Here, we consider the interplay of this mechanical force balance with a biochemical gradient for inhomogeneous tissue during differentiation and growth. Indeed, biological inhomogeneities are typically induced by gradients wolpert_69 () of diffusible biomolecules which encode specific biochemical information howard_11 (). Interestingly, the morphogen Dpp, which influences myosin II contractility dahmann_09 (), is involved both in actively promoting a cuboidal to columnar transition in the wing disk dahmann_09 () by increasing apical contractility, and in a cuboidal to squamous transition in the oocyte brigaud_15 (), by biophysical mechanisms which remain unclear. The properties of the biochemical gradient of the morphogen Dpp are however experimentally well-characterized in terms of its diffusion and uptake rates as tabulated above kicheva_12 ().

From Eq. 1, two possible candidates for the latter would be an upregulation of lateral contractility, or a down-regulation of lateral adhesion (both correspond to decreasing ), as over-expressing the lateral adhesion molecule FasII prevents this cell shape transition gomez_12 (). Although our mechanochemical theory could be easily generalized to consider the possibility of mechanogens affecting lateral adhesion, we focus here on the more generic scenario where diffusing biomolecules (mechanogens) reduce or increase cellular area. To linear order, this is equivalent to a dependence of the local apical cellular contractility, (Fig. 1B), on the local mechanogen concentration, , as:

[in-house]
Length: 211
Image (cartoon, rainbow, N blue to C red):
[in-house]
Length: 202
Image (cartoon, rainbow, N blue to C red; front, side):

(2)

where the total apical contractility, , is a sum of , an intrinsic cellular contractility, and , the change in contractility induced by the mechanogen through a “susceptibility”, . We rescale the concentration as , so that the magnitude of mechanogen is quantified only in terms of the contractility it induces. The sign of the coupling of contractility to mechanogen concentration represents the tendency of mechanogens to enhance (, i.e. mechano-induction) or reduce (, i.e. mechano-reduction) apical contractility, and therefore to decrease or increase apical surface area. Although this mechanochemical coupling, , has not been directly quantitatively measured, we estimate that the effect of is comparable to based on Ref. dahmann_09 () which shows a transition from columnar to cuboidal cell shape when the Dpp is inhibited.